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Never Call Virtual Functions during Construction or Destruction
An Excerpt from Effective C++, Third Edition
by Scott Meyers
June 6, 2005
Summary
The third edition of Scott Meyers' popular book, Effective C++, was recently published. In this excerpt from the new edition, Meyers explains why you should never call virtual functions during object construction and destruction.

This article is an excerpt from Scott Meyers's new book, Effective C++, Third Edition: 55 Specific Ways to Improve Your Programs and Designs. Reprinted with permission.

Item 9: Never call virtual functions during construction or destruction.

I'll begin with the recap: you shouldn't call virtual functions during construction or destruction, because the calls won't do what you think, and if they did, you'd still be unhappy. If you're a recovering Java or C# programmer, pay close attention to this Item, because this is a place where those languages zig, while C++ zags.

Suppose you've got a class hierarchy for modeling stock transactions, e.g., buy orders, sell orders, etc. It's important that such transactions be auditable, so each time a transaction object is created, an appropriate entry needs to be created in an audit log. This seems like a reasonable way to approach the problem:

class Transaction {
public: 
    Transaction();
    virtual void logTransaction() const = 0;

    ...
};

Transaction::Transaction()
{
    ...
    logTransaction();
}

class BuyTransaction: public Transaction {
public:
    virtual void logTransaction() const;

    ...
};

class SellTransaction: public Transaction {
public:
    virtual void logTransaction() const;

    ...
};
    
// base class for all
// transactions

// make type-dependent
// log entry



// implementation of
// base class ctor

// as final action, log this
// transaction

// derived class

// how to log trans-
// actions of this type



// derived class

// how to log trans-
// actions of this type


Consider what happens when this code is executed:

BuyTransaction b;

Clearly a BuyTransaction constructor will be called, but first, a Transaction constructor must be called; base class parts of derived class objects are constructed before derived class parts are. The last line of the Transaction constructor calls the virtual function logTransaction, but this is where the surprise comes in. The version of logTransaction that's called is the one in Transaction, not the one in BuyTransaction—even though the type of object being created is BuyTransaction. During base class construction, virtual functions never go down into derived classes. Instead, the object behaves as if it were of the base type. Informally speaking, during base class construction, virtual functions aren't.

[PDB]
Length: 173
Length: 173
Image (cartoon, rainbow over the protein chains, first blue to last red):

There's a good reason for this seemingly counterintuitive behavior. Because base class constructors execute before derived class constructors, derived class data members have not been initialized when base class constructors run. If virtual functions called during base class construction went down to derived classes, the derived class functions would almost certainly refer to local data members, but those data members would not yet have been initialized. That would be a non-stop ticket to undefined behavior and late-night debugging sessions. Calling down to parts of an object that have not yet been initialized is inherently dangerous, so C++ gives you no way to do it.

It's actually more fundamental than that. During base class construction of a derived class object, the type of the object is that of the base class. Not only do virtual functions resolve to the base class, but the parts of the language using runtime type information (e.g., dynamic_cast (see Item 27) and typeid) treat the object as a base class type. In our example, while the Transaction constructor is running to initialize the base class part of a BuyTransaction object, the object is of type Transaction. That's how every part of C++ will treat it, and the treatment makes sense: the BuyTransaction-specific parts of the object haven't been initialized yet, so it's safest to treat them as if they didn't exist. An object doesn't become a derived class object until execution of a derived class constructor begins.

The same reasoning applies during destruction. Once a derived class destructor has run, the object's derived class data members assume undefined values, so C++ treats them as if they no longer exist. Upon entry to the base class destructor, the object becomes a base class object, and all parts of C++—virtual functions, dynamic_casts, etc.—treat it that way.

In the example code above, the Transaction constructor made a direct call to a virtual function, a clear and easy-to-see violation of this item's guidance. The violation is so easy to see, some compilers issue a warning about it. (Others don't. See Item 53 for a discussion of warnings.) Even without such a warning, the problem would almost certainly become apparent before runtime, because the logTransaction function is pure virtual in Transaction. Unless it had been defined (unlikely, but possible—see Item 34), the program wouldn't link: the linker would be unable to find the necessary implementation of Transaction::logTransaction.